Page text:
A few months ago, the Internet was ablaze over the death surrounding ‘Cecil the Lion,’ a mainstay of Zimbabwe’s Hwange National Park and part of a research project at Oxford University.

According to CNN, Theo Bronchorst and Honest Trymore Ndlovu, both Zimbabweans, are believed to have illegally hunted and killed 13-year-old Cecil during a time span of 40 hours. CNN also reports that Walter J. Palmer, an American dentist from Minnesota, allegedly paid $50,000 for the hunt, which has unleashed a storm of criticism against him from the online community; particularly Facebook and Twitter, with retweets of hashtags like #CatLivesMatter, a wordplay on #BlackLives Matter, and “WE ARE CECIL,” according to The New York Times.

[Related: Police Brutality Also an Issue for Women of Color]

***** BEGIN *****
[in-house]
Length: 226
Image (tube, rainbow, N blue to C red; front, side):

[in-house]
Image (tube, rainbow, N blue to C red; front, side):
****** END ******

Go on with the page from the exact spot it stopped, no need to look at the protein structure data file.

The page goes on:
The unanimous outrage over Cecil’s death and celebrity support of movements against animal cruelty, includingJimmy Kimmel— who fought back tears talking about Cecil— Ricky Gervais, Sharon Osborne and others, is leaving some people wondering why more public, high-profile figures aren’t expressing the same degree of concern for the unlawful arrests and racism directed toward African American men and women.

Why are celebrities more eager to speak out against animal mistreatment than they are about issues of racial and social injustice?

Howard Bergman, CEO of Fifteen Minutes Public Relations, told USA Today that “Animal activism has always been a staple of Hollywood activism, it’s really in the DNA.”  Adding,

“Celebrities have found when they step into some of the race issues, they’ve gotten their hands slapped for perceived insensitivity, even when they were trying to do and say the right thing. They realize that animal activism is a win-win. In most cases, nobody objects and particularly in this specific case.”

Is it easier to care about animals than human beings?

Share your thoughts in the comments section.

Written by Rebecca Nichloson. Article originally appeared on BlackEnterprise.com

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